The hover pit is to simulate hovering in free air - it's not what they will actually be landing on. The 1% excess is what the engine produces over and above a performance requirement - it isn't a 1% margin for normal operations.
Also, as Lewis reported back in mid-Feb, the intention will be for the F35B to use a short rolling vertical landing as a standard procedure for the RN carriers as it will allow it to land with more stores.
As for other comments about spending money on improving Harrier instead, well that happens anyway. Doesn't mean we shouldn't also be thinking about replacing them with something faster, stealthier, and newer; there's only so much you can do with a 40 year old airframe that will be closer to 50 years old when the F35 enters service! There's still plenty of Brit know-how going into the F35 - Lockheed may be the lead, but BAE Systems are still a major partner. On a project this big (the largest military aircraft project ever), you get plenty of economies of scale, and therefore more bang for yer buck.
Oh and the lift fan is actually a pretty effective means of delivering a STOVL capability while maintaining decent conventional performance. When you have a highly specialist engine as you have with the Pegasus in the Harrier you sacrifice a lot of wingborne performance due to the arduous path the jet exhaust takes through the nozzles. The beauty of the lift fan method is that when it isn't required the jet operates pretty much as a conventional one and hence allows the jet to get much closer to conventional aircraft performance. The F35 jet obviously has considerable specialisation due to the rotating rear nozzle, but in conventional mode it is much closer to a conventional jet than a Pegasus. Yes there is a fair amount of "wasted space" when in conventional mode as the lift fan is just dead weight, but when you consider the other options it actually ends up being one of the more efficient solutions. The main issue is sorting out the gearing so the jet can cope with a huge great fan suddenly needing to be spun up mid flight.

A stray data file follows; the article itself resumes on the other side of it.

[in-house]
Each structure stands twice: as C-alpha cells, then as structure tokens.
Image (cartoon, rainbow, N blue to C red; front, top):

You don't need to do anything unofficial to get an mp3 as a ringtone, though admittedly you do have to jump through some hoops. It can all be done using iTunes - just right click the mp3 you want and use Get Info to set the start/stop times for the (up to) 30 secs you want and then export it as AAC. Find the file in the iTunes music folder and copy it to the desktop, then back in iTunes delete the AAC version from the library. Back to the desktop rename the .m4a file to .m4r and then simply double click it to add it to iTunes library as a ringtone and sync up your phone (you can then remove the .m4r file from the desktop as it has been copied to the itunes directory).
"I'm probably guilty of over-simplification, sorry for any confusion."
Nice try, but no cigar.
While it appears there may be some isolated cases of push email having some issues (which is just as likely to be a fault with the MobileMe service as it is with the iPhone), you stated in the article that "Also waiting for version 2.2 are iPhone users wanting push email to work in the background, a feature that was removed with version 2.1 of the iPhone firmware." The only feature that was pulled from the 2.1 firmware was the push notification for 3rd party app's - and that was simply pulled from the last beta release and so was never released to the general iPhone userbase in the first place. It is not over-simplification to talk about two completely different features as the same thing just because they share a word - it's just inaccurate and plain wrong!